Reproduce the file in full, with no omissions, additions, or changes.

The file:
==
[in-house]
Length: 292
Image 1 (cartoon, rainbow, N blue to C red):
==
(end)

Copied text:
[in-house]
Length: 292
Image 1 (cartoon, rainbow, N blue to C red):